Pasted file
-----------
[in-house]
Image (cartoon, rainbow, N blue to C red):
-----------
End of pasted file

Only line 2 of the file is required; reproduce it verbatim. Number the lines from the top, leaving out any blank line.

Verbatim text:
Image (cartoon, rainbow, N blue to C red):